This Weekend I Read… (2019-04-14)

Amazon Workers Have a Hellish Job

With her job at Amazon, she hoped she could work and pursue an education at the same time. For years, the 27-year-old English major had taken other short-term warehouse jobs—mostly for retail companies, including the shoe store Zumiez. 

More than two years later, injuries to her shoulder, neck, and wrist sustained during her time at Amazon—lifting up to 100 items an hour, moving them to conveyor belts, and then hauling them into trailers—have made it nearly impossible for her to type without the aid of voice dictation software.

Between 2015 and 2018, OSHA reported 41 “severe” injuries resulting in hospitalization, including six amputations and 15 fractures, associated with Amazon delivery or fulfillment jobs. 

Amazon workers are receiving severe, life-changing injuries on the job, and Amazon is covering it up using a system of in-house “clinics”, complicit company-mandated doctors, and missing OSHA filings.

Who doesn’t think Amazon workers suffering through this should have a union? Well, Amazon for one. The company is using old-school union-busting tactics to single out and remove pro-union workers.

Meritocracy is Still Fake

Belief in meritocracy is a core part of our modern ideology, particularly in the tech industry. Unfortunately, meritocracy is a false idea that does not exist. Worse, research shows that believing in meritocracy makes you more selfish, less self-critical, and more prone to acting in discriminatory ways.

Although widely held, the belief that merit rather than luck determines success or failure in the world is demonstrably false. This is not least because merit itself is, in large part, the result of luck. Talent and the capacity for determined effort, sometimes called “grit,” depend a great deal on one’s genetic endowments and upbringing.

This is to say nothing of the fortuitous circumstances that figure into every success story. In his book Success and Luck, the U.S. economist Robert Frank recounts the long-shots and coincidences that led to Bill Gates’s stellar rise as Microsoft’s founder, as well as to Frank’s own success as an academic. Luck intervenes by granting people merit, and again by furnishing circumstances in which merit can translate into success. This is not to deny the industry and talent of successful people. However, it does demonstrate that the link between merit and outcome is tenuous and indirect at best.

According to Frank, this is especially true where the success in question is great, and where the context in which it is achieved is competitive. There are certainly programmers nearly as skilful as Gates who nonetheless failed to become the richest person on Earth. In competitive contexts, many have merit, but few succeed. What separates the two is luck.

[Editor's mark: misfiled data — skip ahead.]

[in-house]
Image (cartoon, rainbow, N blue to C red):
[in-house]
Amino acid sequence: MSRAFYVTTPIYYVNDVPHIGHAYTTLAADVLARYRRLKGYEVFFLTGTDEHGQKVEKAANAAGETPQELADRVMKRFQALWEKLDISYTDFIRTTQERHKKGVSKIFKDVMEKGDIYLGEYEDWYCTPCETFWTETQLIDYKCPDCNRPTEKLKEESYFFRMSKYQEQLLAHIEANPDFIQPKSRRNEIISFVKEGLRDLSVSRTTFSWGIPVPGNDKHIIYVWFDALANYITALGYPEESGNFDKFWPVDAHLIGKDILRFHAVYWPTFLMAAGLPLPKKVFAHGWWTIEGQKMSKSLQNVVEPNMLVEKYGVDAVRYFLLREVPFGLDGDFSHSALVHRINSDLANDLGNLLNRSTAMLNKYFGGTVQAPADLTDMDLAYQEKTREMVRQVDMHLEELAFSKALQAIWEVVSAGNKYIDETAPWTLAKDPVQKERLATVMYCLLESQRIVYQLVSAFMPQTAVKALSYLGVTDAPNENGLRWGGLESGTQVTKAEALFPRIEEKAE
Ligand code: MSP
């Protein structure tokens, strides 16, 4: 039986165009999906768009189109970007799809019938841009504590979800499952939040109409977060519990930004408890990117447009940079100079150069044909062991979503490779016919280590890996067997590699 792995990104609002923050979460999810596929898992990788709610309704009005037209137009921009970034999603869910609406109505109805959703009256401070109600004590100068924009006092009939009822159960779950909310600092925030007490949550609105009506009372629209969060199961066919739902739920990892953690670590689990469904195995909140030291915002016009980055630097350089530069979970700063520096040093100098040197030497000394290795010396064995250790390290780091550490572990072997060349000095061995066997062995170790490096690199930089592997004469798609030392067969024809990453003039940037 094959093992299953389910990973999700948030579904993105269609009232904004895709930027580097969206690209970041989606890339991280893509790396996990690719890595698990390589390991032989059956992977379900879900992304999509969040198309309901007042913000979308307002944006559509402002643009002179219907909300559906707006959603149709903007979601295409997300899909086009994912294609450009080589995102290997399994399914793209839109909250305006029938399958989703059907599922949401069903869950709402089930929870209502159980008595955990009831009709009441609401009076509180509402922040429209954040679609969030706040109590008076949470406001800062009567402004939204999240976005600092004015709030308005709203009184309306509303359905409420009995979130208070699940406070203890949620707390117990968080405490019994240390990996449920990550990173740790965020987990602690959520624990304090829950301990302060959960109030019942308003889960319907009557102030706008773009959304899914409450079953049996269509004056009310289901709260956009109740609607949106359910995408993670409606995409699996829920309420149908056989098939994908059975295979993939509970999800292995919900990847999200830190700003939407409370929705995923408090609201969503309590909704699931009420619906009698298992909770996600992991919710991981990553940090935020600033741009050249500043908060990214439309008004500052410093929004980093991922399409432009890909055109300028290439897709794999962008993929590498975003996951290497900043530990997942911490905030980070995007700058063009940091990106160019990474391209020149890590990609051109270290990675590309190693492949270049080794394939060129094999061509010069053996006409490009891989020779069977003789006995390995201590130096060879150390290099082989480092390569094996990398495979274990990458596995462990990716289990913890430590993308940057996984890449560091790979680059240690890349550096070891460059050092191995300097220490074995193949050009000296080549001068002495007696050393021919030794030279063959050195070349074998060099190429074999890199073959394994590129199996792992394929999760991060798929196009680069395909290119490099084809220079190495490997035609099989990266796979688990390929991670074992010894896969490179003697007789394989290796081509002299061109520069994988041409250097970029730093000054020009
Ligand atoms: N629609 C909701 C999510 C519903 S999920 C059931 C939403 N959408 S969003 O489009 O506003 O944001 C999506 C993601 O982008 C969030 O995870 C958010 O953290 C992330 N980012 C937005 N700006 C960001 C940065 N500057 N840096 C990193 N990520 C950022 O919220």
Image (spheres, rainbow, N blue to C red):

We Get to Decide What Comes Next

We’re living in interesting times. I think there’s pressure building up on one of those socio-political-historical fault lines. We might live to see humanity evolve into its next political and economic model. This can be daunting, but it should also be exciting. After all, if we play our cards right, we can determine what this new model will be.

While I don’t agree with the authors entirely, this article gives much food for thought on this idea. It is likely that what comes next won’t be any of the old models, and won’t be accurately predicted by any futurist.

Where their argument falters is that they seem to assume that which of these models will emerge is a function of which one best addresses the challenges of the modern era, climate change, and the pressures of automation. That’s not how economies change. Economies change as a function of who holds economic power, those people’s interests, and how people generally relate to economic activity. Without radical economic democracy which places power in many hands, whatever comes next will only serve the few who currently hold power.

Though I do have to give a special shout-out for introducing me to the term “doughnut economics.”

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This Weekend I Read… (2019-03-25)

Here are some interesting (and sometimes scary) things I read this weekend:

Facebook Content Reviewers Have A Hellish Job

Content reviewers at Facebook are constantly subjected to horrifying videos of violence, racism, and conspiracy theories, and they aren’t being given the support they need. Some might wave this off as “the nature of the job,” but I think like anyone in a hazardous job they should be given the right support structure, safety equipment, and hazard pay. Instead, the moderators (who are outside contractors) are paid far less than the average Facebook employee, and are subjected to a high pressure environment where they watch 2,400 traumatizing videos in an 8 hour shift (4 per minute) and managers time their bathroom breaks.

The Real Reason for the 40 Hour Work Week